1. Your question is the subject of many books.  It will be very difficult to answer well in a short manner as there are many facets to this.
2. Do not forget to obtain some form of protection (corporate formation + Errors & Omissions insurance) against the future threat of you being 'on the hook' for creating policies that end up going awry.
3. Remember that your take home pay will need to be utilized to pay for #2, plus local/state business license, a decent accountant, contract attorney, payroll service (good accountants will probably handle this for a nominal fee) as well as quarterly tax payments to Uncle Sam.  Not trying to scare you, but it's a bitter pill to swallow if you realize this after your bid is accepted.
4. Use your professional network for advice in this matter.  You probably have acquaintances that can advise you as to the details (like the rate that you should bid to get this position.)
5. Use some method to guard against scope creep.  This can be easy if you bid an hourly rate with benchmarks and document everything with the project plan and how all your work applies to the plan's scope.  This can be a nightmare if you bid the completed job without having something very clearly spelled out as to what, exactly comprises a 'completed job'.
6. Attempt to get paid up front.  10-50% of the bid, or a few weeks worth of travel expenses, depending on how much the travel expenses will be.  If you're going to bill the Travel and Expenses separately, book your first week on site and get a total to estimate what you'll need so you're not out of pocket for the engagement.  Multiply this by the number of weeks until they pay you.  Now you know what taking this gig will cost you, not including your time.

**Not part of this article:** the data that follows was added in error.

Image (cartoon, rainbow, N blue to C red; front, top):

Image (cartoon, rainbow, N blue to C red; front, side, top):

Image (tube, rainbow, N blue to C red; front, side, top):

7. Under promise, over deliver.

Best of luck!

brewer12345

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Re: How to scope and price a consulting engagement?
« Reply #5 on: July 03, 2014, 01:23:05 PM »
Thanks for all the tips.  I had completely forgotten about E&O insurance.  Time to do a bit of sleuthing on that issue.  Everything else is good food for thought.

ShortInSeattle

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Re: How to scope and price a consulting engagement?
« Reply #6 on: July 03, 2014, 07:51:30 PM »
You might also check out the Value Based Fees model. Alan Weiss is an author who covers the concept. I negotiate a flat price for my projects and don't count hours. As your skill and reputation rise, you learn to work faster *and* you can charge more because you are known - it's like a multiplier.

This can be done on a project-by-project basis when you are producing deliverables rather than putting in time. It doesn't work well when you are working as a pseudo-employee.

I don't work by the hour. I get sh*t done. My clients don't watch the clock and neither do I. We both value results, not face time. I negotiate a fair value for the impact of my work. I highly recommend this approach.

Good luck with the gig!